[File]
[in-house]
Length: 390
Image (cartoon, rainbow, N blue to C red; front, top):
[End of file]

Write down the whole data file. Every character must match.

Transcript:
[in-house]
Length: 390
Image (cartoon, rainbow, N blue to C red; front, top):